Horatio Alger’s Works and Virtues All But Forgotten

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Horatio Alger Jr., an author whose name became synonymous for achieving success through hard work, pluck and perseverance, was born Jan. 13, 1832. Alger earned a degree from Harvard Divinity School in 1860 and became a Unitarian minister in 1864. However, he soon abandoned that pulpit for a bigger one.

Alger’s first book, Ragged Dick; or, Street Life in New York with the Bootblacks, was published three years later. It told the story of how a downtrodden shoeshine boy, through hard work, courage and determination, lifted himself “by his bootstraps” to a life of prosperity and respect.

Alger went on to write 134 other “dime novels,” each one celebrating the virtues of honesty, thrift, hard work and generosity. In a nation hungering for encouragement in the aftermath of the horrendous War Between the States, virtually all of them became bestsellers. The author’s very name became a synonym for success through hard work, as in, “His is a real Horatio Alger story.”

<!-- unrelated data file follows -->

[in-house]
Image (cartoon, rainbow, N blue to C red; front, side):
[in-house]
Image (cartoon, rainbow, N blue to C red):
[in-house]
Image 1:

For many years Alger’s books rivaled those of Mark Twain in popularity. Today, sad to say, both he and his works are virtually forgotten. Even sadder, so are many of the virtues he portrayed.

—Chip Wood

Chip Wood

is the geopolitical editor of PersonalLiberty.com. He is the founder of Soundview Publications, in Atlanta, where he was also the host of an award-winning radio talk show for many years. He was the publisher of several bestselling books, including Crisis Investing by Doug Casey, None Dare Call It Conspiracy by Gary Allen and Larry Abraham and The War on Gold by Anthony Sutton. Chip is well known on the investment conference circuit where he has served as Master of Ceremonies for FreedomFest, The New Orleans Investment Conference, Sovereign Society, and The Atlanta Investment Conference.